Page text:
SCF bought the country's largest dairy farming group, Dairy Holdings, from Hubbard for $75.7 million, a price now suggested to be almost double what it was worth.

The other two prizes - 64 per cent of Scales Corporation worth about $72 million and the $90-million Helicopters New Zealand - were tipped into SCF as part of Allan Hubbard's rescue plan.

Indicative bids on Helicopters and Scales were expected in the first quarter of this year, although the Helicopters sale hit a snag when it was revealed last month that the company had lost NZ Civil Aviation Authority approval to renew a United States military contract in Laos and Cambodia retrieving the remains of missing US servicemen, and also missed out on participating in a big oil and gas exploration contract.

Helicopters is appealing the authority's decision on its Southeast Asian operations next month.

Downey says all the asset sales are going according to plan. Scales and Helicopters are the most advanced.

"Those two sale processes are running roughly parallel, led by Goldman Sachs, and they are now into the due diligence processes.

"We've completed vendor due diligence reports and shortlisted parties who have established their credentials. We are encouraged by the identity and calibre of the parties in the process, so that will run for probably the next six weeks or so.

"Dairy is a little bit behind that process but we've just got shortlisted parties there. Dairy is a little bit more complicated because it's now a combined process with other selling shareholders.

"We're still working on the preparation of the due diligence material there and it will be roughly February 25, the target date for vendor due diligence material completion."

Private equity, trade and investment businesses are the main targets as buyers of these big assets, and Downey said Helicopters' civil aviation woes would be dealt with by its buyer.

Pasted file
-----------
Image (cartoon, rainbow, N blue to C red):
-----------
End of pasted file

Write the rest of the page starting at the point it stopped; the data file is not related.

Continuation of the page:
"We're working very co-operatively with CAA and we're very pleased with the relations we've established.

"They are doing their job, which is to preserve air safety, and it's difficult for them to provide oversight over NZ-registered aircraft operating in Laos, which is 8 to 10 per cent of the business.

"There are some Cambodian operations continuing and it's our view that a purchaser of the business will soon correct that [Laos] problem with their international contacts, so that's a very minor impediment.

"With Dairy Holdings, our dollar, which has declined against the US, and an increase in the payout in dairy commodity prices are two factors which combined are hugely beneficial to our interests in Dairy Holdings."

SCF's loan book is still operating and Downey lauds this as one of the unique features of the business.

"We are very focused on the loan book businesses.

"It's the only finance company which has continued to operate with a business-as-usual mantra and that has been helpful to us, keeping the whole infrastructure together in terms of loan management and reporting, preserving the jobs for employees and all the computer/IT infrastructure.

"In so doing, we commence the process of preparing the loan books to the point where we can start a sale process and that has only just started," he said, referring to Face's announcement on Wednesday.

Hubbard supporters criticise the receivership process.

Paul Carruthers of the Stand By Allan Hubbard Support Team says the returns to the Government can't be calculated.

"Much of it depends on how the asset sale process is handled, which is up to Treasury and the receiver. It also depends on a range of variables, such as rural land values, the world market price of the commodities they produce. etcetera.

"Issues such as the Helicopters NZ's licensing matter in Cambodia, for instance, are also factors that will affect the value of the applicable assets," Carruthers said.

"If the process is managed prudently with wisdom and foresight, however, then it's conceivable that the final result may be more positive than expected.

"I've seen speculation to the effect that there may be no loss in the end, to the other end of the spectrum where some are predicting a loss of up to $900 million.

"It all depends on the process, the economic and market factors at the time, and the prudence of Treasury and receivers," Carruthers said.

Downey is often asked by taxi drivers and others about the prospects of recovering the taxpayers' $1.6 billion.

He says of the speculation: "Oh golly, that's the million-dollar question. Ask me in three years' time. I hope it's sooner because I want to go fishing!"

- NZ Herald